Jews in Ukraine are much closer to their Jewish roots. Ukraine is the home of hasidism.20 Many Ukrainian Jews will respond if sparks are lit. This response can be seen in some communities -- such as Dnipropetrovsk, Donetsk, and Simferopol -- but is more difficult in the most sophisticated urban areas, such as Kyiv [and Kharkiv].

Mr. Paz continued that about 50,000 Jews emigrate from Ukraine every year. About 30,000 go to Israel, and the remainder go to the United States or Germany. He believes that a window of three or four years remains in which substantial aliyah can occur; beyond that time, the aliyah pool will have been depleted. Mr. Paz briefly reviewed four programs he considers essential in encouraging aliyah -- Na’aleh 16, Chalom, Yahad, and Aliyah 2000.21

After Mr. Paz departed to fulfill another commitment, we spoke with Shai Grinshpoon, Shaliach to Youth Activities in Ukraine. Mr. Grinshpoon is a native of Odesa, but emigrated to Israel as a small child with his family. He has held his current position in Kyiv since September 1996.

Mr. Grinshpoon said that the forces of assimilation are very strong in Kyiv, where many Jews try to conceal their identity and/or intermarry. The main “enemies” of Jewish identification are ignorance and cynicism. Since the collapse of the Soviet Union, no one believes in anything.

Sochnut sponsors two Jewish youth clubs in Kyiv, one in the same building as the Sochnut office and one in a different district. Twenty additional Sochnut youth clubs are active in other Ukrainian cities. These club programs include considerable Jewish-Zionist content, often in a musical context because music is very appealing to many young people. They have found that guitars can be used effectively in creating programs that are inviting from an entertainment standpoint and also educational. Another promising approach is to develop educational computer programs because youth are attracted to computers; so far, the youth club in the Kyiv Sochnut premises has three computers, but appropriate Jewish-Zionist software is lacking. About 250 Jewish youth use these clubs on a regular basis.

Turning to emigration, Mr. Grinshpoon said that most Jewish emigres leave Ukraine because of poor economic conditions, political instability, and/or ecological distress -- not because they are Zionists. Many Jews perceive no future in Ukraine; Ukraine has “dropped out of history.” Jews leave Ukraine, they don’t go to Israel. They deliberate whether they should go to the United States, Germany, or to Israel. Sochnut tries to motivate them to go to Israel, but it cannot create aliyah.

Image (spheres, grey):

The Ukrainian political system is corrupt. The economy is contracting 20 to 30 percent annually.22 The crime rate is very high, a product of political corruption and economic upheaval.

Regarding antisemitism, Mr. Grinshpoon said that the Ukrainian government does not promote antisemitism. However, antisemitism is chronic in several areas, including universities. Some universities still maintain antisemitic quotas.

In response to a question, Mr. Grinshpoon said that the Ukrainian government might try to stop or impede Na’aleh 16 again as it had done in 1994. They consider departure of talented youth an insult to the country.

Mr. Grinshpoon said that the Jewish religious organizations in Kyiv are very powerful. They have financial resources. They do not always promote aliyah.

All Jewish youth programs can be effective. Young people desire information about their futures -- where to study, where to live, etc. -- so they can make appropriate decisions. Sochnut programs for young people concentrate on those who are about 18 years old; various aliyah programs afford people that age many advantages.

16. This observation is supported by official Israeli statistics.
17. International Solomon University was established in 1992 as a broadbased private university under Jewish auspices. Currently enrolling about 1,000 students, it offers courses in humanities, Jewish studies, engineering, and other fields. The institution remains controversial among many observers of the Kiev Jewish community because of its very high non-Jewish enrollment.
18. The only other Hillel program in Ukraine is in Kharkiv. See section 28, page 25.
19. A substantial proportion of St. Petersburg Jewry migrated north to the then-Leningrad from impoverished Belarus during the heavy industrialization period of the 1930s. They were thus removed from any Jewish life still existing in prewar Belarus and, due to the political conditions of the time, were unable to develop any associations with Jewish life in Leningrad.
20. Perhaps because of time constraints, Mr. Paz did not mention several additional factors that buttress his own position about the greater affinity of Ukrainian Jews to their Jewish roots. First, the Holocaust affected Ukrainian Jewry with much greater ferocity than was in the case in Russia; whereas all of Ukraine was occupied by German troops, leaving few Jewish families intact, only a small number of Russian Jewish population concentrations were subject to Nazi savagery. Thus, Ukrainian Jewry has a much more intimate relationship with modern Jewish history. Second, although the Jewish population of Russia is more numerous than that of Ukraine, more rabbis work in Ukraine -- and many are effective in reinforcing existing Jewish bonds. Third, in terms of aliyah, the more troubled Ukrainian economy bolsters emigration to Israel
21. Na’aleh 16 is a program in Israel for high school students, Chalom attracts high school graduates to Israel for career training, Yachad works with young adults who make aliyah in cohesive groups, and Aliyah 2000 focuses on providing specific jobs and housing for adults in targeted occupations.
22. Most qualified observers believe that the economy is contracting at an annual rate of 10 percent.